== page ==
School welcomes incoming students before the start of new semester

Welcome+Day%2C+which+was+held+on+Tuesday%2C+attracted+dozens+of+students+who+were+looking+to+familiarize+themselves+with+the+campus+as+well+as+the+student+services+the+school+offers+before+the+semester+started.
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School welcomes incoming students before the start of new semester

Welcome Day, which was held on Tuesday, attracted dozens of students who were looking to familiarize themselves with the campus as well as the student services the school offers before the semester started.

Welcome Day, which was held on Tuesday, attracted dozens of students who were looking to familiarize themselves with the campus as well as the student services the school offers before the semester started.

Lucy Vang

Welcome Day, which was held on Tuesday, attracted dozens of students who were looking to familiarize themselves with the campus as well as the student services the school offers before the semester started.

Lucy Vang

Lucy Vang

Welcome Day, which was held on Tuesday, attracted dozens of students who were looking to familiarize themselves with the campus as well as the student services the school offers before the semester started.

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The campus hosted Welcome Day on Tuesday for new students attending this fall.

Every semester, the event offers incoming freshmen and first-time college students the opportunity to become familiar with college faculty and student services, as well as join a campus tour.

“This is probably the biggest change from first grade to now,” said 18-year-old business major Emma Prosio. “I have to get into the flow of college.”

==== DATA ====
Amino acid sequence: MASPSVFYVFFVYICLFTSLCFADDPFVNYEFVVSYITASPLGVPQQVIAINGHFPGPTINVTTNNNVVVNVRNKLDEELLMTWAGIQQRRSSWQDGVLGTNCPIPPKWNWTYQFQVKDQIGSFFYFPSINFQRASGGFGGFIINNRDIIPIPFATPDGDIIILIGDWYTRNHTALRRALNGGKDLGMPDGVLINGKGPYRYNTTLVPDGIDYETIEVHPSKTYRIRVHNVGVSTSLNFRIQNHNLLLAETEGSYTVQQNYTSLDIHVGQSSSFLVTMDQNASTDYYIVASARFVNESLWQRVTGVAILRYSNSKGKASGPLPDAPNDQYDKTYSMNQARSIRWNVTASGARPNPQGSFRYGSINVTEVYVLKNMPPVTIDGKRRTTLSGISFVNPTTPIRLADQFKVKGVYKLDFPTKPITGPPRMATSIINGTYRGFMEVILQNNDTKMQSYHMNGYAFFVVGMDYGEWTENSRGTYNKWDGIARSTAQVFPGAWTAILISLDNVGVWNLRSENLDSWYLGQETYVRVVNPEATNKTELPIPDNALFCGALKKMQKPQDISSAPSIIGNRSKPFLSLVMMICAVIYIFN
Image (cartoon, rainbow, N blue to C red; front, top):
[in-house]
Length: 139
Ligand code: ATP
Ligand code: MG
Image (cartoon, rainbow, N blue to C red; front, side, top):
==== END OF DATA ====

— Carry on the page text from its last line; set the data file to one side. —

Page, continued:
The Math Center, where assistance in coursework is provided for students, will be “extremely helpful,” said Molly Bides, 17, an undeclared major.

This is probably the biggest change from first grade to now. I have to get into the flow of college.”

— Emma Prosio

“CRC will probably be like high school but a little bit more rigorous,” said Bides. “There will obviously be more homework, and I have to also make sure I balance my time.”

Several clubs and programs were stationed alongside each other near the quad so that students can engage with people who belong to the organization and ask questions. 

“The most important thing is student engagement to get kids involved,” said Sahl Cazi, a third-year student ambassador for Student Life and Leadership. “It’s exciting because there are new students who are curious to learn so much more about the school and programs we offer.” 

Of the many different tables arranged in the quad, a selection of them offered opportunities for work experience, including the campus’ Work Experience Education and Internship Program.

The WEEP Internship Developer Eilene Williams said the program helps students “apply their educational history to jobs that correspond with the experience they have.” 

Professors from different academic departments reached out to new students and freshmen to inform them of the wide variety of classes and majors available, as well.

“They can do something they didn’t get to do in high school,” said Music Professor Judi Sands-Pertel. “A lot of high schools don’t offer courses with an emphasis on what students are interested in, but we have such a diverse selection of courses for many students.”

The semester officially started on Saturday.

“For newcomers, this is the start,” said Sands-Pertel. “I am very excited for this new crop of students.”

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